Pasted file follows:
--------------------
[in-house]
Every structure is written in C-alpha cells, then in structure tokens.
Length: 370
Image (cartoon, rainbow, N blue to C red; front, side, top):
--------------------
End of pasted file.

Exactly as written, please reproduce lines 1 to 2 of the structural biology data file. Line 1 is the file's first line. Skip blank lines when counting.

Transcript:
[in-house]
Every structure is written in C-alpha cells, then in structure tokens.